In companies, every major change topic is run as a project. However, only a small proportion of these projects actually changes the company sustainably. Many slip into the “implementation gap”. After enjoying initial support by a clear majority of employees, they soon fail during the implementation phase due to the disruptive rift between high ambitions and operative reality.
Empirical studies reveal that two thirds of all change initiatives are not implemented successfully (see McKinsey & Company: “The irrational side of change management”, McKinsey Quarterly, April 2009). Often, the causes of failure are deeply rooted in the corporate culture. Employees put on the brakes, executives jump ship or publicly question the intended changes, the mood in both project team and company darkens because the change process takes too long, etc. Here are two typical examples of companies where the failure of change initiatives can be traced back to their corporate culture:
The merger between Daimler and Chrysler in 1998 rapidly turned into a nightmare for the Stuttgart car manufacturer. What had been initially celebrated as a “marriage made in heaven” ended in a nasty divorce in 2007. The reason: There was a poor cultural fit between the two companies and neither was willing to accept the unique aspects of the other’s culture.
In response to the massive surge of digitalization, many well-established companies in Germany are trying to make up for their lack of agility and speed of change by cooperating with or copying the working style and culture of start-up firms. Often to no avail. According to the Federation of German Start-up Companies’ 2017 survey, only 50% of start-up companies cooperate with large and medium-sized companies, down from 70% in 2016. The cultural rift is simply too large.
Many change initiatives fail because adapting strategies and processes often requires a fundamental and sustainable change in the mindset and behaviour of the workforce – a cultural change – that is unsuccessful. The corporate culture, the sum of all values and behaviours of the employees, has a tremendous impact on the company’s ability to adapt to a changing environment.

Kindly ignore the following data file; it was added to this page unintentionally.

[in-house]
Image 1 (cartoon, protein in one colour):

Based on acondas’ experience supporting numerous complex change projects, we recommend seven measures for successfully implementing change:
1. Create awareness and understanding for change Develop a “change story“ and communicate its key messages, the transformation goals, progress so far, and first visible results on a regular basis.
2. Show visible support of your top management Your top executives should incorporate the change and talk about it on every occasion. If they fail to do so, your change ambitions will soon lose credibility and your employees will find it hard to get on board.
3. Identify driving factors and road blocks Analyse your current situation: What forces are driving change, what are the major obstacles? Whom can you use as multipliers? Whom do you still need to convince?
4. Integrate change in company targets, existing projects and structures The new culture should become part of your corporate targets. Adapt the structures in your company to fit the transformation. Do your reporting lines and decision processes still support the target culture? Consider which of your current projects could support and strengthen the change towards a new culture? Look for tangible opportunities to show your workforce that change is underway.
5. Involve your employees and enable them for change Ask your employees about their fears, hopes and desires. You will get more commitment if you delegate responsibilities to your staff. Enable your employees to learn through their own experience and experiments. But don’t forget to help your employees develop the skills and abilities the transformation will require of them!
6. Strengthen and monitor change the change For a sustainable change, be aware of where things stand: Survey employees on a regular basis and integrate the target culture and desired behaviours into your feedback and performance processes.
7. Drive change on local level, too Particularly in large organizations, it is often difficult to address each and every employee directly. Therefore, start building a network of change agents to promote change initiatives in their sphere of influence. To reach a critical mass, you should train about ten percent of your employees affected by the change as change agents.
Implementing these seven measures will help you achieve cultural change, a cornerstone of successfully implementing your change initiative.
If you have questions about how to implement change initiatives successfully or about our consulting approach, feel free to contact us at: